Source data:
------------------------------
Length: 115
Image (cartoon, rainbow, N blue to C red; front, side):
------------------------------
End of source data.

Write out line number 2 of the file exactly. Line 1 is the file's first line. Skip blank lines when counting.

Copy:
Image (cartoon, rainbow, N blue to C red; front, side):